Home of Building Operating Management & Facility Maintenance Decisions
Insider Reports

FacilitiesNet eNewsletter
eNews Best Information Tool For Busy FMs
We will keep you updated with trends, education, strategies, insights & benchmarks to help drive your career & project success.
Sign up for eBook




KEY FM TOPICS

Facility Manager Cost Saving/Best Practice Quick Reads    RSS Feed

Restroom Renovations and Life-Cycle Costs


I'm Dan Hounsell, editor of Maintenance Solutions magazine. Today's topic is, restroom renovations and life-cycle costs.

One common mistake managers make when planning a restroom renovation is to focus only on first cost. The result is a restroom design that does not consider long-term operating and maintenance costs. With these costs exceeding first costs over the life of the restroom, the net effect is a negative cash flow.

Successful restroom renovations balance first costs with operating and maintenance costs. One of the best ways of achieving this balance is to use life-cycle costing, which examines these costs for all major components over the service life of the restroom. In most cases, it demonstrates that the additional first costs associated with low-maintenance and low-water-use components will be recovered within one to two years.

Another common planning mistake is to skimp on the budget. Too often, managers set budgets before they fully understand restroom needs. So if a subsequent assessment determines the restroom needs more fixtures, for example, the budget does not contain enough funding. This shortcoming forces managers to cut back on fixtures that could reduce the restroom’s long-term operating costs.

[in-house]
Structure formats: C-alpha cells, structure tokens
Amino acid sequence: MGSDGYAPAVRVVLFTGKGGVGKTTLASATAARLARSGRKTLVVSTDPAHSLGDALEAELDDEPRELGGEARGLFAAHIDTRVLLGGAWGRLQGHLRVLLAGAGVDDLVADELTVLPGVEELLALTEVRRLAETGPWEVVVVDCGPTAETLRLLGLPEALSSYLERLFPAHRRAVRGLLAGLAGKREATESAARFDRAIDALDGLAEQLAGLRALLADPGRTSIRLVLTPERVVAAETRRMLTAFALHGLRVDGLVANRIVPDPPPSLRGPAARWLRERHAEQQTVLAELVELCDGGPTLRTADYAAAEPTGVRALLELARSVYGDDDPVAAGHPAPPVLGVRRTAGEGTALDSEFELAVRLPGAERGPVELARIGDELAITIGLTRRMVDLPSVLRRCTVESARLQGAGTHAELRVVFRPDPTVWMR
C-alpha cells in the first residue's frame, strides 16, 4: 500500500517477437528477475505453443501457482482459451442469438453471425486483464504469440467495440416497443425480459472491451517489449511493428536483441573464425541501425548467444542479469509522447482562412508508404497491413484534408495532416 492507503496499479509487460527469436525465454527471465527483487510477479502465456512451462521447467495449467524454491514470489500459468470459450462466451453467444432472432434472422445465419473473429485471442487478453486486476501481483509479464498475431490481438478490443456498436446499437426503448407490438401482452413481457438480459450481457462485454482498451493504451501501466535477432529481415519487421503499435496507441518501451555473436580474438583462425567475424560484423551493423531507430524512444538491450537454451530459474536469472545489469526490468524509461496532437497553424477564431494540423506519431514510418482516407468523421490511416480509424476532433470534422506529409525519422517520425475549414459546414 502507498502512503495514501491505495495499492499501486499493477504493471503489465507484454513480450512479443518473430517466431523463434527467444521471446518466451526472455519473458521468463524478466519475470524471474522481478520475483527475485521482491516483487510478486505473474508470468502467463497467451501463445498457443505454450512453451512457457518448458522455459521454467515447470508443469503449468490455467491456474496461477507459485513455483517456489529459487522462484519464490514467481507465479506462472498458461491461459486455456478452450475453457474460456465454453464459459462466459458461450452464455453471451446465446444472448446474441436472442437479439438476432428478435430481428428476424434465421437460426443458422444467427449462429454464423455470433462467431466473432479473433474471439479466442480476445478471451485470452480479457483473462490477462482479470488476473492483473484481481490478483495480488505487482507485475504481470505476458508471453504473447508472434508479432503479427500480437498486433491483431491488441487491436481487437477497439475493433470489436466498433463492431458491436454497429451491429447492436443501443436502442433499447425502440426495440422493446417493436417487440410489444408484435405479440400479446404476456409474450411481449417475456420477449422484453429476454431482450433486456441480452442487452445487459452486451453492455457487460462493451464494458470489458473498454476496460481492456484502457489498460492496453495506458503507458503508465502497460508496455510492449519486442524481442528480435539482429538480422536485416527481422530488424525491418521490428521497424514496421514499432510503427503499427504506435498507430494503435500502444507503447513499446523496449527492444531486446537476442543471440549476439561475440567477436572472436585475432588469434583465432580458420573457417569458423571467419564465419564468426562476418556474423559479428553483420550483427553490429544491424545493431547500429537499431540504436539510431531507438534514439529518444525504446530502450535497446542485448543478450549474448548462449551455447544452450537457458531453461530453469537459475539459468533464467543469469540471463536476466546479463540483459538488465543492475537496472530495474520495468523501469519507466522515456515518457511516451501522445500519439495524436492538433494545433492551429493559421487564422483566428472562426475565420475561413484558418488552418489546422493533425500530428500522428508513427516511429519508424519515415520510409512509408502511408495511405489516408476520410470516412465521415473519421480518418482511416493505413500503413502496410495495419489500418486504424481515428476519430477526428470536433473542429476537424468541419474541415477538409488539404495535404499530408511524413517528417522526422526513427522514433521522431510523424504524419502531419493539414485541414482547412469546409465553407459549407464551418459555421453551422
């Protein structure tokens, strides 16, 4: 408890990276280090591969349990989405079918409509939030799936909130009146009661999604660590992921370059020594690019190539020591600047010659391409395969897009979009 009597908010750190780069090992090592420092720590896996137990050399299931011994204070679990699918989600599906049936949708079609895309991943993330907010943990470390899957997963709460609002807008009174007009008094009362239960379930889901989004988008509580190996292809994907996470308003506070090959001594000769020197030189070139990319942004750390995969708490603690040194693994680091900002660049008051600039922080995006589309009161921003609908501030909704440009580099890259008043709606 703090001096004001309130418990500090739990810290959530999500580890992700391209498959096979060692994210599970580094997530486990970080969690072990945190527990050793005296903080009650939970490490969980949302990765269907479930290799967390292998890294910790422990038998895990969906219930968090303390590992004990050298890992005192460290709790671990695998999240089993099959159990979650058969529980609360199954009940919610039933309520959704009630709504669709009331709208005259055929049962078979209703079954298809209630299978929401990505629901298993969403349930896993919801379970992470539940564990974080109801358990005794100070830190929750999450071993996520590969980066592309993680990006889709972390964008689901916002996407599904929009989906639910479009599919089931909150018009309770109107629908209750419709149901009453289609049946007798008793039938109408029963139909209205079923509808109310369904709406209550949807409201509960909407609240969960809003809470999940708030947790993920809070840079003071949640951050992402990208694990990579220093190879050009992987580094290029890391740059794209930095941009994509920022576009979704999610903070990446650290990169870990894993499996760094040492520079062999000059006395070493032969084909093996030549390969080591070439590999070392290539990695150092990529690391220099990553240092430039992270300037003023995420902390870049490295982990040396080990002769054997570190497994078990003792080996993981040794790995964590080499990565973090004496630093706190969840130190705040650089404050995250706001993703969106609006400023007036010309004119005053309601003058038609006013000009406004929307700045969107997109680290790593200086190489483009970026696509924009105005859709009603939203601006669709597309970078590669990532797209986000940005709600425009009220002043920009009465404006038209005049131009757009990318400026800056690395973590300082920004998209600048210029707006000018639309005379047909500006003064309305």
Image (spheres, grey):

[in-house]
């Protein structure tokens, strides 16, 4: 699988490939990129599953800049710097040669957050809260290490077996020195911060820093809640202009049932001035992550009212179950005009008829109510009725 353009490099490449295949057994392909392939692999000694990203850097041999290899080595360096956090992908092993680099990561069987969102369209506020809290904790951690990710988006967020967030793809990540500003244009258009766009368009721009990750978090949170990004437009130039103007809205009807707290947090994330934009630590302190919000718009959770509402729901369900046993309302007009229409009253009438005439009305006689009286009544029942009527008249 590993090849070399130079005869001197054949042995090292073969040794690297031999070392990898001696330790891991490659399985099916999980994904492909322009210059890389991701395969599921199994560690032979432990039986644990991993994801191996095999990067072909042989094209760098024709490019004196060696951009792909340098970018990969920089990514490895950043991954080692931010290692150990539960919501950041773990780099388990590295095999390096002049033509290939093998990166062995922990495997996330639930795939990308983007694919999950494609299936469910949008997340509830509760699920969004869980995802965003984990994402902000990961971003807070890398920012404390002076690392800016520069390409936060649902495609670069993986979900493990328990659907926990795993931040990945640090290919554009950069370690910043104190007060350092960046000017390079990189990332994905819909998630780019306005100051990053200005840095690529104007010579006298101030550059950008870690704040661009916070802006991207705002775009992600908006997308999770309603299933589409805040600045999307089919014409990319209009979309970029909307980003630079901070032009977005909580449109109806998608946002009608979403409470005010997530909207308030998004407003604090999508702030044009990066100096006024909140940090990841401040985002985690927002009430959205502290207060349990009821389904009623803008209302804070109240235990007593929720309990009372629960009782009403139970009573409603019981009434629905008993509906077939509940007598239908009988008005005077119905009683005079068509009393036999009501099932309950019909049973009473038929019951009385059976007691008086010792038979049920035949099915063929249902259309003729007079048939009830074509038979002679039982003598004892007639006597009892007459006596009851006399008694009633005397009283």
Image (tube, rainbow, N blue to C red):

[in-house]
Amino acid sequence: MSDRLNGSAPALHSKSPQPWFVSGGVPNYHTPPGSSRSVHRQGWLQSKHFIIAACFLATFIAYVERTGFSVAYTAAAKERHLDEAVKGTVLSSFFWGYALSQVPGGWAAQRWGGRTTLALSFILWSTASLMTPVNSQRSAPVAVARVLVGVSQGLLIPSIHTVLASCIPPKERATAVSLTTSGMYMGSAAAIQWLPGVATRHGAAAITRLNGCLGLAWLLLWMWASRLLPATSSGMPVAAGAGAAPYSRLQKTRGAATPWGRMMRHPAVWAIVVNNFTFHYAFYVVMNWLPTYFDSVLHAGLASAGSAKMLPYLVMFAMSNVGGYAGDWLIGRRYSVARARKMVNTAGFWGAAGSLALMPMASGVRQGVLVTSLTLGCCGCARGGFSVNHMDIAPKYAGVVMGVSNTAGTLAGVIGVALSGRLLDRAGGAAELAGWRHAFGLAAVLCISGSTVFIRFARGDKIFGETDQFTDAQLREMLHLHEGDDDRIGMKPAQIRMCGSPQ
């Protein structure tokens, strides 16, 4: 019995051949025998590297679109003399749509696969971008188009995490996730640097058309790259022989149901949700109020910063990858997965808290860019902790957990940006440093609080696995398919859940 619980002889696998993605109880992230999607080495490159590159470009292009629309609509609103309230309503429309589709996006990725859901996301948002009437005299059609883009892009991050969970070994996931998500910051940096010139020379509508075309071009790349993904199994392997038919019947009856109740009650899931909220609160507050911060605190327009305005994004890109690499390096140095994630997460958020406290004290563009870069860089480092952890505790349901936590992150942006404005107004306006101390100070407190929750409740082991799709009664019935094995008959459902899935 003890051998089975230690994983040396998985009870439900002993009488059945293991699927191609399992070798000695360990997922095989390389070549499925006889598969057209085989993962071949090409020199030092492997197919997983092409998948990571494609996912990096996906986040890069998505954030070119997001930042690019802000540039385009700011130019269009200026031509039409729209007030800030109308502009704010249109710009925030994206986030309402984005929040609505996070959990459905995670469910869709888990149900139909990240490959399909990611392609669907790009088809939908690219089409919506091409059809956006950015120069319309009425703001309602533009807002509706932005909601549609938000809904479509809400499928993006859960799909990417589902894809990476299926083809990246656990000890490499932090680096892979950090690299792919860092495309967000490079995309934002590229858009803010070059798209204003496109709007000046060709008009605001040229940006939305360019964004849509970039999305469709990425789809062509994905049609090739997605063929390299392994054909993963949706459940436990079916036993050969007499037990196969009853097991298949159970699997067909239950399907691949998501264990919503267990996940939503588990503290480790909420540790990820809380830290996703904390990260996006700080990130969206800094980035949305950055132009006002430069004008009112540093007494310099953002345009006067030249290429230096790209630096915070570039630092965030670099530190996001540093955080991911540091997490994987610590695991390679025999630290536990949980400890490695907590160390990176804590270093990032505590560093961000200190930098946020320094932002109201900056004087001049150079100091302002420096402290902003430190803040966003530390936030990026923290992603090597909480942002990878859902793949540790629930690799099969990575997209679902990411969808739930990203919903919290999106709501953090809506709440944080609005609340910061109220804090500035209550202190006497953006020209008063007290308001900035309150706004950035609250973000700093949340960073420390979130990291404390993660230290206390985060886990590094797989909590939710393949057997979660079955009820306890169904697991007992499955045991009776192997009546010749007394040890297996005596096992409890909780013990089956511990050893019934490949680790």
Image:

One goal of planning is to avoid difficulties and delays during the renovation. Some managers have run into difficulties with local code officials who either are unfamiliar with or simply do not believe in some new restroom products. The result can be delays in getting approvals or additional costs due to modifications required before a completed project can be accepted.

Managers need to work with local code officials early in the planning process. Many state codes allow the use of the new restroom technologies, but some local jurisdictions do not, and require a variance. Contact local officials to identify the requirements for obtaining variances, if necessary. Product manufacturers can provide assistance, but because the process can take time, managers need to start as early as possible.

Next


Read next on FacilitiesNet

Comments